Insensitivity To Sample Size

Sample size neglect is a cognitive bias that Amos Tversky and Daniel Kahneman have studied well. Key Findings Sample size neglect is a cognitive bias explored by Amos Tversky and Daniel Kahneman. [Sources: 3]

Regarding the hospital issue, most of the participants in Tversky and Kahnemans rated more than 60 percent of boys to be equally likely to be admitted to small and large hospitals, presumably because these events are described by the same statistics and are therefore equally representative of the general population (Tversky et al. Kahneman calls this “sample size insensitivity”). Tversky and Kahneman explained that these results are due to the representativeness heuristic, in which people intuitively evaluate samples as having properties similar to their collection, without taking other considerations into account. Sample size insensitivity is a cognitive error that occurs when people estimate the likelihood of obtaining statistical information from a sample regardless of the sample size. [Sources: 0, 4]

In this article, we empirically explore the psychometric properties of some of the best-known statistical and logical cognitive illusions of Daniel Kahneman and Amos Tversky’s Heuristics and Bias research program, which nearly 50 years ago presented fascinating puzzles such as the famous Linda problem, Wason’s paper selection problem, and so-called Bayesian reasoning problems (eg mammography problem). The cognitive illusions they then presented provided empirical evidence that human reasoning abilities defy the laws of logic and probability. [Sources: 4]

Ignoring the sample size refers to the inability to consider the role of the sample size in determining the reliability of statistical statements, while ignoring the benchmark rate means that people tend to ignore existing knowledge of a phenomenon when evaluating new information. Insensitive to sample size People do not understand the significant difference in sample size for any probability calculation. In this article, we studied the famous statistical and logical cognitive illusions in the heuristic and bias research project of Daniel Kahneman and Amos Tversky from the perspective of psychometrics. This is called the sample size insensitivity bias, or, if you will, the law of decimals. [Sources: 1, 2, 3, 4]

This occurs when users of statistical information make false conclusions by ignoring the sample size of the data in question. Thus, it is very important to determine whether the sample size used to obtain a given statistic is large enough to allow meaningful conclusions to be drawn. So it struck me that you can argue that all of these books and articles on cognitive errors are pretty unscientific in their own way, or lack the proper sample size, because they only focus on where heuristics lead to errors. (and furthermore, these same errors are measured under highly unrealistic conditions in psychological laboratories using highly unrepresentative samples of college students). [Sources: 2, 3]

This performance sampling works like everything else: the larger the sample size, the more uncertainty is reduced, and the more likely you are to make the right decision. However, the frequency composition, attenuation characteristics and other factors of earthquake ground motion vary greatly. Therefore, the precedent for a single earthquake is that the sample size is very small. Before drawing conclusions from information about a limited number of events (samples), it is important to choose from a large number of events (populations) and to understand some information about sample statistics. [Sources: 1]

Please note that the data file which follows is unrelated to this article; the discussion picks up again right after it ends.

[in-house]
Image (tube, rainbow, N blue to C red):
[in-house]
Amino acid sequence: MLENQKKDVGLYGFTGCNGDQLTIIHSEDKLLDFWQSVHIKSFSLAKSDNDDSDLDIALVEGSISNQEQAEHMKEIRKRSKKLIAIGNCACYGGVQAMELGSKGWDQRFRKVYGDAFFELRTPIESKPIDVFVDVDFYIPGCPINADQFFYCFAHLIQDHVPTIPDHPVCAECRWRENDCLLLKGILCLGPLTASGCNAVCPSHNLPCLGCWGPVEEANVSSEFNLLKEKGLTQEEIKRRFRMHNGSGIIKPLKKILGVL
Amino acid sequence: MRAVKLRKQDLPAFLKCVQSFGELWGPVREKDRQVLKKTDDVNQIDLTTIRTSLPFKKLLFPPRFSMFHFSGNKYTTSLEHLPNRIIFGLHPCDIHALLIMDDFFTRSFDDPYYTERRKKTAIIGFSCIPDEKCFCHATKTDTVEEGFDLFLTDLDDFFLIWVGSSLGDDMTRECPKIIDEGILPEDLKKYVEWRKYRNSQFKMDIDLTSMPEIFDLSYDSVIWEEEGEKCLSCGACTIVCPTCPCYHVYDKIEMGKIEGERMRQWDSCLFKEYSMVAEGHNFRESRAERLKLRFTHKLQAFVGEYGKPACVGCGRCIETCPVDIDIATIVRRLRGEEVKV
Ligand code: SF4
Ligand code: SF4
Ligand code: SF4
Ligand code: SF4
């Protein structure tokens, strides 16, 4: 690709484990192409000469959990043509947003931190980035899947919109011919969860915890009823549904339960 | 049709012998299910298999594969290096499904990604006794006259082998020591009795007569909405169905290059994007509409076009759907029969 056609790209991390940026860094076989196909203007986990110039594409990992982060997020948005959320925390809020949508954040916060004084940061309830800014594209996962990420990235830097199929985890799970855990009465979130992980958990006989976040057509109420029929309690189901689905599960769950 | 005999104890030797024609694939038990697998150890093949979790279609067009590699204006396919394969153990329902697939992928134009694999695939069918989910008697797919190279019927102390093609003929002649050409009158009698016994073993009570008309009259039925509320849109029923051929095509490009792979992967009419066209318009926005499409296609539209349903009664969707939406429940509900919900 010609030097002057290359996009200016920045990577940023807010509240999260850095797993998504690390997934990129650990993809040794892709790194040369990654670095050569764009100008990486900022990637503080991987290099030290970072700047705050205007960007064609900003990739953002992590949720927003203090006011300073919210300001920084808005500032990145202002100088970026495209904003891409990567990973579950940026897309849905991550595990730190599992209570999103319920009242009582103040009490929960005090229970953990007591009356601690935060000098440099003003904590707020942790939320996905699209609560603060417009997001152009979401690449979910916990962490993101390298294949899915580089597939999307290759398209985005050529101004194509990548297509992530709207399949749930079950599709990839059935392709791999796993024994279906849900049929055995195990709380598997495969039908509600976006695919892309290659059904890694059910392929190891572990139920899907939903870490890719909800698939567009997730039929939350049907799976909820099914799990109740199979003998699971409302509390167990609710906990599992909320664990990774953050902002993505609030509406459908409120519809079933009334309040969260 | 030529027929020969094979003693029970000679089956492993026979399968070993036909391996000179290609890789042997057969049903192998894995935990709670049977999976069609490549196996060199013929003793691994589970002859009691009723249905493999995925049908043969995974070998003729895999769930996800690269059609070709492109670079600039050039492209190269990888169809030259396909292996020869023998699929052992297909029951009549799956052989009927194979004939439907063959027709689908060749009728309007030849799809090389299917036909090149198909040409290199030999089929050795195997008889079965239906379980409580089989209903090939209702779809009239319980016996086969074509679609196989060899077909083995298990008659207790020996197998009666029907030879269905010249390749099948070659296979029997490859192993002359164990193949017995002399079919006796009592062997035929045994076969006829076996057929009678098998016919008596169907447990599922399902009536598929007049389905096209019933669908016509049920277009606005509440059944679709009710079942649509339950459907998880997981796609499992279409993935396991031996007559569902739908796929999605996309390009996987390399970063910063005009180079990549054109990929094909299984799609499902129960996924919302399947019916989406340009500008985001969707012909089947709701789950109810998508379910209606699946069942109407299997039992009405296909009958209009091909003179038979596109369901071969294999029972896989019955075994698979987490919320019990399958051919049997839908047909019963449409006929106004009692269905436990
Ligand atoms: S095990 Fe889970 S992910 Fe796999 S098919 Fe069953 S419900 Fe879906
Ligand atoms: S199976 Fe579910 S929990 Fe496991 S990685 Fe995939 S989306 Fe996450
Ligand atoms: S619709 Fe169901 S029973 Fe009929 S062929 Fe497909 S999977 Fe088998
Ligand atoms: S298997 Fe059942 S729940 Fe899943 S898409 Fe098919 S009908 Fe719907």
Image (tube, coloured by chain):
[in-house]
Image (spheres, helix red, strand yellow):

Therefore, the last part of the Tversky and ​​Kahnemans paper-about subjective probability distribution-is not covered in other books because it is expressed in such dense mathematical terms that it is almost incomprehensible, and because they criticized the idea of ​​decision theory in 1970 -x is too far away from most people’s daily concerns. In other words, variation is more likely to occur in smaller samples, but people may not expect it. According to the so-called “law of decimals”, we often use small samples of information to speak on behalf of or on behalf of a wider group of people. [Sources: 0, 2, 5]

Exaggerated trust in little champions is just one example of a more general illusion: we place more emphasis on the content of messages than on information about their reliability, and the result is a simpler, more consistent view of the world around us. what the data justify. Of course, if the champion was extreme, say 6 people, you would doubt it. The most common form of delusion is the tendency to assume that small samples should be representative of their parent population, with player delusion being a special case of this phenomenon. [Sources: 1, 6]

Bias due to the presence of the search set. Imagine you are choosing words from random text. Performance records are generated by a combination of core capabilities and sample variation. Heuristics are mental shortcuts that our brains use to help us make quick decisions. We often select past experiences that we believe should be similar to future events or that we believe should reflect an ideal outcome. [Sources: 1, 2, 5]


— Slimane Zouggari


##### Sources #####